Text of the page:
Social Platform Fatigue

In the summer, as we try to get a tan without burning, we think about SPF ratings for sunscreen.

Right now, after the introduction of Google+, I’m thinking that the SPF (Social Platform Fatigue) rating has just gone up considerably.

Uber-geeks may be able to keep up with sharing and interacting on Google+, Facebook, Twitter, LinkedIn, YouTube, a favorite music or photo sharing service, and whatever else, but me? -I’m feeling tired.

It’s getting too complicated. I deeply value what social technology has brought about as far as business potential and personal interaction, but this fragmentation is becoming wearisome. Too many platforms, not enough time. I’m getting attention-burn.

The next big killer app is going to restore simplicity – or , I should say, bring about a whole new level of simple efficiency. It can’t come soon enough.

UPDATE: Ha! Right after publishing, I saw a tweet about Tom Fishburne‘s post: Social Fatigue. Funny!

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About Steve Woodruff
Steve Woodruff is a blogger, a Connection Agent, and a consultant in the pharma/healthcare industry. He specializes in helping people and companies make mutually beneficial connections.

8 Responses to Social Platform Fatigue

  1. How about a Tweetdeck plug-in to bring G+ into our control panel. Or if you use Hootsuite. I think we need a unifying app that can post to all of them at once. Too bad Twitter bought Tweetdeck just a month before G+ came out.

  2. Jay Bryant says:

    I would agree… I get a brain freeze even thinking about heading into the Google Plus world. Maybe age is catching up with me…

  3. Joe Cascio says:

    Like all technologies, social networks are created, become popular and then become obsolete when newer, more useful networks are created or when they become overwhelmed with spam and stupid users, or when people just get tired of them. We saw this with MySpace and I think we might be seeing the beginning of the end for Facebook and Twitter. I know my interest in Twitter isn’t what it used to be, although I still enjoy it and use it a lot. But it’s sort of fallen into a pattern now.

    I think there’s a significant entertainment element to social networks, which accounts for the boredom effect. Any entertainment content has to constantly freshen and reinvent itself or it becomes tiresome.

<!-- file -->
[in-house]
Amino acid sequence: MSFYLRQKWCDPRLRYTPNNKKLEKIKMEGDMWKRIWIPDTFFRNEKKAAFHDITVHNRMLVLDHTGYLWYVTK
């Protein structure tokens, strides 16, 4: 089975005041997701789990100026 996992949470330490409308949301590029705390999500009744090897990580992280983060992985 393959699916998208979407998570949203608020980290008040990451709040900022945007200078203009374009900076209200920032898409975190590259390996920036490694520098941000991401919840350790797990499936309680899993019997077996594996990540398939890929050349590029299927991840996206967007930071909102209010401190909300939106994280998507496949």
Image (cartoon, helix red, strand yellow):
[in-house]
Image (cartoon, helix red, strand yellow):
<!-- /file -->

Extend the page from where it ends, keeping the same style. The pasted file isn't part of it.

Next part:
And certainly, the overload effect you cite is significant. Your post makes me realize that I only have a certain amount of attention span to give to social networks and it gets distributed over how many I’m participating in. So to be sure, Facebook is getting less attention now that I have G+, and when G+ adds an event-planning function integrated with Google Calendar, I could abandon FB altogether.

    To me, the key thing about G+ is it’s spam resistance, although it comes at the expense of serendipity to some extent. But I still see new people commenting on posts from people in my circles. And if I find their post and profile interesting I might add them. This, coupled with the mute feature makes it possible to put a real lid on spam, at least for the moment.

  4. Wendy Appel says:

    SPF–I second that emotion.

  5. I was just having this conversation with my assistant the other day. She and I were discussing where the focus was going to be for Wright Creativity, and how we wanted to spend our time networking. She posed the question of “how is it even possible to be on everything?” I told her, simply, it’s not. People that have profiles on every single social site that has gotten traction exist (in fact, I think I have almost all of them), however, those who are actually using them all? Nope. We all have to pick where the best results can come from…but I am definitely feeling overwhelmed too. I’d kind of be okay if the internet (the entire thing) went down for a day or two…

  6. I hear you and agree. Tired is the word. Also, tired of all of the crystal ball reading predicting a future we can’t see. Who knows what comes next, which platform dominates or if we all fracture into mico-communities? The not-knowing makes us try to be everywhere at once in case we miss out. And that is a recipe for burn out.
    I’m taking a rest and going to find out where my clients are hanging out these days. Then I’ll go from there : ).

  7. Bob Allen says:

    Amen to that Steve. It has become a bit, well, stupid out there.

  8. Joseph Ruiz says:

    I am right there with you Steve, it is getting very wearisome indeed. Creating the right balance is more important than ever. Other than SPF hope you and the family are well.

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